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Iowa Reform Building facts for kids

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Iowa Reform Building
Iowa reform bldg davenport iowa.jpg
Location 526 W. 2nd St.
Davenport, Iowa
Area less than one acre
Built 1892
MPS Davenport MRA
NRHP reference No. 83003658
Quick facts for kids
Significant dates
Added to NRHP November 18, 1983

Iowa Reform Building is a historic building located in downtown Davenport, Iowa, United States. It was listed on the National Register of Historic Places in 1983 and on the Davenport Register of Historic Properties in 2002.

History

The Iowa Reform was a newspaper that started publication in Davenport in 1884 by Adolph Petersen. Members of the Petersen family were the publishers and editors of the paper from its inception until it ceased publication. They included Adolph and his brother Gerhard, and they were followed by Robert Petersen. Adolph Petersen lived in the apartment above the shop. The paper initially carried a strong Democratic point of view, but eventually went independent. It was a semi-weekly publication that served the German community of the Tri-City area, which is now known as the Quad Cities. The Reform's peak circulation was 4,000 in 1912. Unlike other German publications, it survived the anti-German sentiments that resulted from World War I. By 1939 it was the only German-language paper left in Iowa, and it had a circulation of 3,240. However, it could not survive those same sentiments that resulted from World War II and the paper folded in 1943.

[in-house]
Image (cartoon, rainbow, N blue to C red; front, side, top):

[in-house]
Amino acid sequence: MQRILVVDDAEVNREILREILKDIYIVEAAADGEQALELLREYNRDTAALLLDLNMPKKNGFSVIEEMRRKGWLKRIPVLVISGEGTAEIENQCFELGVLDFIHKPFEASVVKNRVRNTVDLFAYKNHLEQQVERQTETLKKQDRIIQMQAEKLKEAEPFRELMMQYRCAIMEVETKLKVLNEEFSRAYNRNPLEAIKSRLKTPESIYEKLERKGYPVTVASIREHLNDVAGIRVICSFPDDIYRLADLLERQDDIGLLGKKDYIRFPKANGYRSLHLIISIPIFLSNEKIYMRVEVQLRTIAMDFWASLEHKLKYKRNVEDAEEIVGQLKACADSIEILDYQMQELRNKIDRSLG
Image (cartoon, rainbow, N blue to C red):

The building itself was built for the Iowa Reform in the heart of the German commercial district on the west side of downtown Davenport. The building has housed various commercial enterprises since the newspaper folded.

Architecture

The Iowa Reform Building is a two-story structure that is built of brick on a stone foundation. Its English basement is a unique feature. The workrooms and press rooms for the newspaper were located here and the large windows allowed natural light and ventilation to the basement. The storefront features cast-iron columns and two entrances that are accessed by iron steps and handrails. All are believed to be original to the building. The widows of the storefront were altered in a 1998 renovation. The buildings second floor is defined by the placement of stone banding above and below the windows. Above the top banding is the buildings cornice. The bottom part of the cornice is built of brick and it is topped by a molded metal cornice that features an egg and dart pattern.

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